VHS-era world champ Tom Carroll tests digital-era wave pool
With a Wavegarden opening last month in Bristol, England and another set to open in January in Melbourne, Australia, legendary surfer Tom Carroll recently dropped past Wavegarden’s demo center in the Basque Country.
Tom exchanged a few Reef waves with local Basque pro surfer Aritz Aranburu and before sharing some small ones with a family of beginners.
“I am just observing a little family having a surf together”, said Tom on arrival, peering across at the beginner waves. “It’s hard to get it through my head that you can actually have a wave here in amongst this beautiful scenery.”
Tom’s gaze narrowed as the first expert waves peeled through the Reef area. “It actually reminds me of a really, really good version of my home break where I learnt how to surf. But this is like a perfect version of it” Tom said.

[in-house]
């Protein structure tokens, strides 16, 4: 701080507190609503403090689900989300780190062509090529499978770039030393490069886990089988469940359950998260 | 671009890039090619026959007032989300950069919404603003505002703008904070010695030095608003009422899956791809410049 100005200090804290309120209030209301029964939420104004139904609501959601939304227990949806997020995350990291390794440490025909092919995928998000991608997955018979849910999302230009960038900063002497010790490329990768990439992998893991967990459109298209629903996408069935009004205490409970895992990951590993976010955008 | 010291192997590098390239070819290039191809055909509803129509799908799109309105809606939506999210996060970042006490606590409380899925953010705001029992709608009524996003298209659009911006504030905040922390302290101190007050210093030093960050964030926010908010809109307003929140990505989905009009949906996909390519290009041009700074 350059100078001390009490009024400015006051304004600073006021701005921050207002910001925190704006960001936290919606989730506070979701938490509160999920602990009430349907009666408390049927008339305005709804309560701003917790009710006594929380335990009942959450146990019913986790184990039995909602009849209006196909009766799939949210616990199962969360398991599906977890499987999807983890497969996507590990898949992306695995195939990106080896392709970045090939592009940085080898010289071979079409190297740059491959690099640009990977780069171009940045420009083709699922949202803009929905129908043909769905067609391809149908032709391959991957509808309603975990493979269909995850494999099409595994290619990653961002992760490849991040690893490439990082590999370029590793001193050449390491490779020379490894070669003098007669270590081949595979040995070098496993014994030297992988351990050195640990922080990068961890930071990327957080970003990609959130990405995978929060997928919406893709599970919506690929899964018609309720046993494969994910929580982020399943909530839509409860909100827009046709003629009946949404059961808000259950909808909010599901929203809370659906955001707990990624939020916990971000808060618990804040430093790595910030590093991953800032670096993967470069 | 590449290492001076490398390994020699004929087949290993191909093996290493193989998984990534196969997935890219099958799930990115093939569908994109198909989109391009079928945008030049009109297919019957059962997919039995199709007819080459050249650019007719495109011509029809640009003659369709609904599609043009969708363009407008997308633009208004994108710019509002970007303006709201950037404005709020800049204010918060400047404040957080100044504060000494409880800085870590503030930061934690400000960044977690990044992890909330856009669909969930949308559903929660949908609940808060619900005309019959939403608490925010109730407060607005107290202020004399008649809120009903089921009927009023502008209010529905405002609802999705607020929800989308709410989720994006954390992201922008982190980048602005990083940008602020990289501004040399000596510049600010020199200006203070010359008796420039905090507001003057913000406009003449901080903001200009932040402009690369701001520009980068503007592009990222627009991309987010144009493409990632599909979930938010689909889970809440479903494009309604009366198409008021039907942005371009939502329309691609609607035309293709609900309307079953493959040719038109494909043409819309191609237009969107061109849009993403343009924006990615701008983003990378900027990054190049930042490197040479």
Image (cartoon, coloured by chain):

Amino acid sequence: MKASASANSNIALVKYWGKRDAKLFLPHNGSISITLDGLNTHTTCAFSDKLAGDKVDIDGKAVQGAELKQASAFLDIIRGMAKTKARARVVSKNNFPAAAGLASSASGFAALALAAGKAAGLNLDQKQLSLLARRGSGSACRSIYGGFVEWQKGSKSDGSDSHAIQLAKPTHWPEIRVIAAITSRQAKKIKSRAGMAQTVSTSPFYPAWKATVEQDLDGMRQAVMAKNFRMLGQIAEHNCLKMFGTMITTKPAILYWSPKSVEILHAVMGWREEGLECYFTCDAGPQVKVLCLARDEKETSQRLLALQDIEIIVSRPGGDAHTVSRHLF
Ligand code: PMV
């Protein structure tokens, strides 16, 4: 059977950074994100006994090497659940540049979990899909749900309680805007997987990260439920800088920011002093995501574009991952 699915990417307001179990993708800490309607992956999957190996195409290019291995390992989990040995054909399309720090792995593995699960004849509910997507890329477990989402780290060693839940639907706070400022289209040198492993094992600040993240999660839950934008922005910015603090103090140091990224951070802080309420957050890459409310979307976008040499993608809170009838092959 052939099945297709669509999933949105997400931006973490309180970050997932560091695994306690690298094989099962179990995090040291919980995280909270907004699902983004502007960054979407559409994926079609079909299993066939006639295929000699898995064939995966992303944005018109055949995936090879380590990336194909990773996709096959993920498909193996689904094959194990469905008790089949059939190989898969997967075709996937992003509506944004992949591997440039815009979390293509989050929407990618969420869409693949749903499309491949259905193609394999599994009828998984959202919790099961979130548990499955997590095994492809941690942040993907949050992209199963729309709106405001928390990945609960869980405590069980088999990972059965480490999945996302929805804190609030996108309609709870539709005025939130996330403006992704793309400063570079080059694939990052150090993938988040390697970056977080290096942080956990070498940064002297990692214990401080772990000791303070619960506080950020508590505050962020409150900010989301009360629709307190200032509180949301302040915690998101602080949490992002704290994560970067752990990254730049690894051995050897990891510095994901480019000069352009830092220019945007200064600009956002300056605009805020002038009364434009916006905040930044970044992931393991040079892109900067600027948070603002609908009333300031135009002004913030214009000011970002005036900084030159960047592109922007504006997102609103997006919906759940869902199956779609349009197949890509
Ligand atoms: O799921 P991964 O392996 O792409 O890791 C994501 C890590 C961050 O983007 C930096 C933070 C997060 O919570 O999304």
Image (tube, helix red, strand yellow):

Aritz Aranburu was delighted to share the session with his childhood hero. “I grew up watching Tom in surf videos. He hasalways been my favourite surfer and it’s a real pleasure to surf with him today”.
Tom Carroll is no stranger to artificial waves, having won a world tour contest in one of the first wave pools ever made in Allentown, Pennsylvania back in 1985.
Carroll was a two-time juniors division winner in the Australian National Titles (1977 and 1978) and a two-time winner of the Pro Junior (1977 and 1980). As a world pro tour rookie in 1979, he made the finals in the Pipeline Masters, and finished the year ranked #24. After a steady climb up the ratings over the next three seasons—from 17th to 10th to third— Carroll earned his first world title in 1983, winning six of 13 events, and becoming the first goofyfooter to take the championship. The following year he won just two of 24 events and was pushed to the wire by 1977 world champion Shaun Tomson, but came out on top; in 1985 he lost the title to Californian Tom Curren.